This commentary is an excerpt from Freight 2025. To download the free ebook, click here.
Tom McLeod is President of McLeod Software.
New challenges are constantly thrust upon us, and through our decisions we create the future. In the freight transportation industry, our future will be determined as we adjust and adapt to the changes that are coming. Here are some of the most important developments that will require us to make choices.
The Amazon Effect
It is well known that e-commerce is changing the way people acquire goods. More and more frequently, the trip to the store is replaced by ordering online and getting the parcel delivered to your door. Most of the news about the retail world focuses on the effect on brick-and-mortar stores, such as Sears and Toys “R” Us, but for our industry, the challenge comes in the form of changing freight patterns. The final mile delivery business is exploding and will only expand further.
Some carriers and logistics companies will want to find a way to provide that final-mile delivery as part of their services. At the same time, e-commerce is beginning to cause all sorts of freight patterns to shift.
Electronic intermediation from Uber and other providers has totally disrupted the taxi business. In our industry, new companies are seeking to automate the work of connecting shippers with carriers in new ways. The role of intermediaries in transportation has existed for decades, and there’s a reason that people are involved. Shipping freight is much more complex that taxiing people around a city. People who are not experienced in the transportation market fail to comprehend the critical role that brokers and intermediaries play in dealing with these complexities.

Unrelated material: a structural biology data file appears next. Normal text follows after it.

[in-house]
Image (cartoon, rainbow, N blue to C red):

Even though Uber Freight is not going to upend the transportation industry as it did the taxi industry, this development is important, because it will force carriers and brokers to embrace the cutting-edge technology that is streamlining the work of handling freight assignments and providing visibility into freight status. Companies that fail to keep abreast of these advances in technology will lose out.
The ELD Mandate
Now that the ELD mandate is in place, we will begin to see an assortment of disruptions, particularly given the low adoption rate of the technology before the mandate took effect. For one thing, it’s clear from the experiences of carriers who adopted electronic logging over the last few years that ELDs will have a negative impact on capacity. However, this productivity loss can be relatively short-lived for those carriers who work hard at adjusting their business practices to accommodate electronic logs.
The impact of ELDs may be felt most severely by small carriers. Some of them will just give up, some will seek to lease on with larger carriers that have already implemented workable ELD solutions, and some will discover that they have to change the freight they haul and the customers they serve in order to stay compliant with HOS rules and remain profitable.
ELD technology will also increase the pressure and accountability to not coerce drivers into taking loads that would require them to violate their HOS. Dispatchers will need to take more care in assigning the right load to the right driver in terms of the hours each driver quite visibly has available.
When a truck takes off with a load, several factors may create uncertainty about getting that load delivered on time, including traffic, weather, and parking. Advances in technology are making it easier to manage all three of these. Real-time access to relevant data on traffic and weather can enable predictive planning tools that make it possible to anticipate delays and work around them.
Parking may sound like just another annoyance, but a study released by the American Transportation Research Institute in December of 2016 dramatically proved otherwise. A startlingly large percentage of truck drivers are stopping way in advance of their HOS limitations in order to be certain they find suitable parking for their ten-hour breaks. They are concerned that if they can’t find parking when they need it, they’ll be forced to violate their HOS rules as they continue driving in an effort to find satisfactory parking.